Written by: Roger Parkes
Directed by: Mary Ridge
Episode Length: 49’33
Original UK Transmission Date: 2/11/1981
Original UK Ratings: 8.9m
Original UK Chart Position: 64
DVD Availability: Try SendIt.ComD Availability: Not yet released - check back later for pre-order details

Starring: Paul Darrow (Avon), Michael Keating (Vila), Steven Pacey (Tarrant), Josette Simon (Dayna), Glynis Barber (Soolin) and Peter Tuddenham (Orac/Slave).

Guest-Starring: John Westbrook (Muller), Lynda Bellingham (Vena), Douglas Fielding (Technician), Nick Joseph (Android) and Lesley Nunnerley (Voice).
Crew: Ralph Wilton (Production Manager), Frank Pendlebury (Production Associate), Valerie Turner (Production Assistant), Josephine Ward (Assistant Floor Manager), Fintan Sheehan (Film Cameraman), John Tellick (Film Sound), Sheila S. Tomlinson (Film Editor), Jim Francis/Andy Lazell (Visual Effects Designers), Francis Smith (Properties Buyer), Robin Lobb (Video Effects), Sam Upton (Videotape Editor), Dick Bailey (Graphic Designer), Terry Brett (Technical Manager), Dave White (Senior Cameraman), Mary Kellehar (Vision Mixer), Warwick Fielding (Studio Lighting), Malcolm Johnson (Studio Sound), Elizabeth Parker (Special Sound), Nicholas Rocker (Costume Designer), Suzanne Jansen (Make-Up Artist), Dudley Simpson (Music), Terry Nation (Series Deviser), Chris Boucher (Script Editor), Graham Lough/Roger Cann (Designers) and Vere Lorrimer (Producer).

Story: Vila and Tarrant are on a mission to recruit Muller, an old student of Ensor’s (see Orac) and a brilliant cybergeneticist. However, what they unknowingly bring back aboard Scorpio is Muller’s robot with Muller’s severed head on top. When they return to base, the robot kills Vena, Muller’s partner, and attacks the crew in a bid to link up with Orac.
Fitted with a circuit influencer, the robot can control electronic artefacts and exerts control over Orac. Together they plan the total enslavement of organic life. However, rigging up an electric charge on a bridge, they temporarily stun the robot, while Avon attaches its limiter. Avon falls unconscious from static feedback, only to wake to find Tarrant and Dayna destroying the robot, much to his chagrin.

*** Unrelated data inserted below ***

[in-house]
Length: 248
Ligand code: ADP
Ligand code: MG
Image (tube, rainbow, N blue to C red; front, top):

Scorpio: Scorpio has a medi-capsule.

“Oh, you’ll have to do better than that, Orac, if you expect me to kill them.”

Apologies for another Bob Block analogy so soon, but with the crew on the runaround from a medieval-looking headless robot there’s more than a touch of Rentaghost about this one.

When I first saw season four it was in a random order, so it didn’t seem as bad. Seeing it sequentially (particularly right after the first three, far superior, seasons) its weaknesses are ever more obvious. It’s six episodes in and Soolin still hasn’t got a personality. One minute she’s drawing her gun, boasting how she’s a killer for hire, the next she’s left stranded in a three-line ghetto; her role never referred to. She does get more to do than usual this episode, though she’s such a crap character it makes you pine for the glory days of Gan.

Season four was Jacqueline Pearce’s least favourite, one in which she claimed egos caused clashes both behind and in front of the cameras. As Avon and Vila are now every inch the stars, the token girls functional at best and Tarrant a neutered tom cat then maybe this tells us something? The greyness of it all is depressing, too, though at least Avon’s retro spacesuit has gold shoulderpads. Tacktastic!

Storywise, then this is pure fanwank slop, involving one of Ensor’s old students, a killer robot that wants to unite with Orac and the mum from the Oxo ads. Dayna’s gasp of “she’s dead!” isn’t an expression of surprise at her death - it’s an expression of disbelief at her chronic acting.

There are nice touches of dialogue here and there (probably written by Chris Boucher), but generally the “gags” are smug and passé. Note, though, how an episode about an unstoppable robot sees Avon say, “I’ll be back!” almost three whole years before The Terminator. The robot itself does raise some interesting questions: like why does it grow a foot taller when its head’s been knocked off? How can it see and speak with no head? And for a superpowerful android then why it is so slow?

The (anti) climax sees Paul Darrow valiantly lead his troops on his personal ham-o-rama while the robot practically says “Fe-fi-fo-fum.” Virtually plotless and virtually pointless, this really is very poor indeed. All that remains for me to do is list the Orac innuendoes, rude-sounding comments from a computer who’s very saucy this week: “There is nothing very original about domination.” And, to Soolin: “We can fulfil your every desire.” To which she replies, taking off his plastic access key and placing it in her pocket for use later safe keeping: “you wouldn’t know where to start.” Funny, but hardly worth fifty minutes, is it?